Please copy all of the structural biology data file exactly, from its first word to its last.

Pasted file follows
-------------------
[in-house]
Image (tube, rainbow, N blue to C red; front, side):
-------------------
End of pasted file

[in-house]
Image (tube, rainbow, N blue to C red; front, side):